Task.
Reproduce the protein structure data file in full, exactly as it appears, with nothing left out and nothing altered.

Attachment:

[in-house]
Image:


[in-house]
Image: